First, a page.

Assuming a logarithmic sensitivity to risks, a bettor would regard the difference between 2.00 and 1.93 to be equivalent to the difference between 6.00 and 5.49.

Secondly, it is known that model predictions are typically narrower than real life, with a range of expected points totals across all teams that is smaller than what actually occurs. Sunderland, who were relegated with 24 points had an expected total based on their season’s match odds of 32.1. This implies that whilst Chelsea were luckier than expected, Sunderland were unluckier.

True Score Theory tells us that the observed outcome is equal to (the variance in) skill plus (the variance in) luck. The forecasting model only considers the skill part, not the luck.

Despite these caveats, using the match odds to model the finishing league table did prove fairly accurate; at least in terms of positions. No team finished more than four places away from expectation, whilst six matched it exactly and another five were within one place.

## Premier League expected points

 Team Actual points Expected points Actual position Expected position Difference Chelsea 93 77.7 1 2 1 Tottenham 86 72.8 2 5 3 Man City 78 81.3 3 1 -2 Liverpool 76 74.2 4 4 0 Arsenal 75 74.3 5 3 -2 Man United 69 72.7 6 6 0 Everton 61 55.7 7 8 1 Southampton 46 57.5 8 7 -1 Bournemouth 46 43.5 9 12 3 West Ham 45 43.6 10 11 1 West Brom 45 40.8 11 14 3 Leicester 44 50.0 12 9 -3 Stoke 44 43.1 13 13 0 Crystal Palace 41 44.8 14 10 -4 Swansea 41 40.0 15 15 0 Watford 40 38.0 16 17 1 Burnley 40 33.2 17 19 2 Hull 34 34.7 18 18 0 Middlesbrough 28 38.2 19 16 -3 Sunderland 24 32.1 20 20 0

### Premier League predictions: Using the odds directly

Another way to simulate results and points is to skip the Monte Carlo process altogether. If a home team has fair odds of 2.0, 3.0 and 6.0 for home, draw and away respectively, this implies its expected points total for the match is (50% x 3 points) + (33.33% x 1 point) + (16.67% x 0 points) = 1.833 points. By contrast the away team would have an expected match points total of 0.833.

The simplest model for predicting the 2017/18 Premier League table is to assume that the past is the key to the future.

A Monte Carlo method with a large enough number of repetitions would arrive at the same answers, but this method is an easier shortcut. To demonstrate equivalence, the expected league points totals for the two methods are compared below. However, its shortcoming compared to Monte Carlo is that it provides us with no measure of error and variation. As a consequence it is unable to estimate the probability of finishing in each league position.

## Premier League expected points from odds

 Team Actual points Expected points (Monte Carlo) Expected points (direct calculation) Chelsea 93 77.7 77.7 Tottenham 86 72.8 72.8 Man City 78 81.3 81.3 Liverpool 76 74.2 74.1 Arsenal 75 74.3 74.4 Man United 69 72.7 72.8 Everton 61 55.7 55.7 Southampton 46 57.5 57.5 Bournemouth 46 43.5 43.5 West Ham 45 43.6 43.6 West Brom 45 40.8 40.8 Leicester 44 50.0 50.0 Stoke 44 43.1 43.1 Crystal Palace 41 44.8 44.8 Swansea 41 40.0 40.0 Watford 40 38.0 37.9 Burnley 40 33.2 33.3 Hull 34 34.7 34.7 Middlesbrough 28 38.2 38.2 Sunderland 24 32.1 32.1

### Predictions for the 2017/18 Premier League season

The simplest model for predicting the 2017/18 Premier League table is to assume that the past is the key to the future. Aside from other factors like new player transfers, the next table shows the number of times in the 100,000 Monte Carlo repetitions that each team (not relegated) finished first in the 2016/17 table, and by extension the probability of winning the 2017/18 teams and their implied fair odds. These are then contrasted with Pinnacle’s pre-season title winning odds to identify potential value.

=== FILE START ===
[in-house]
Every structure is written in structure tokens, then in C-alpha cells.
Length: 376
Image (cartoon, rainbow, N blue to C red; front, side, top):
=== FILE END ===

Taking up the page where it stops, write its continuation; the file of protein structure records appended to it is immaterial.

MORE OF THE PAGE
## Predictions for the 2017/18 Premier League season

 Team Number of title wins in 100,000 Expected probability of being 2017/18 champions Implied fair betting odds Pinnacle’s betting odds (as of 10th August 2017) Man City 44,096 44.10% 2.27 2.65 Chelsea 23,406 23.41% 4.27 4.70 Arsenal 11,889 11.89% 8.41 12.00 Liverpool 11,812 11.81% 8.47 12.00 Tottenham 8,552 8.55% 11.69 9.15 Man United 8,298 8.30% 12.05 4.80 Southampton 99 0.10% 1,010 N/A Everton 37 0.037% 2,703 N/A Leicester 4 0.004% 25,000 N/A Bournemouth 1 0.001% 100,000 N/A West Ham 0 0% N/A N/A West Brom 0 0% N/A N/A Stoke 0 0% N/A N/A Crystal Palace 0 0% N/A N/A Swansea 0 0% N/A N/A Watford 0 0% N/A N/A Burnley 0 0% N/A N/A

According to our model, Manchester City, Chelsea, Arsenal and Liverpool all offer some value. This is at the expense of Manchester United and to a lesser extent Tottenham. Potentially, the outright Premier League betting market still overrates Manchester United as a dominant force after the Ferguson era and Mourinho as a manager. Alternatively, the model has understandably not considered Manchester United’s high-profile summer signings of Romelu Lukaku and Nemanja Matic.

### A Bayesian Process

A significant drawback of this model is that it requires a completed season of results to make inferences about the next one. However, there is no reason why we should restrict ourselves to this limitation. We could, instead, choose to run the model based on the games played to date, or on a rolling basis over the last 38 matches, updating our modelled probabilities and implied title winning betting odds as we go along.

Of course, we would also need to take into account real points already won as the season progresses. Such a Bayesian approach mimics a method of statistical inference where the probability for a hypothesis is updated as more evidence or information becomes available. We could also repeat this methodology for other markets like Premier League relegation betting and a top-four finish.

Although this model is simple, it evidently makes predictions that are not wildly dissimilar to those made by Pinnacle’s traders.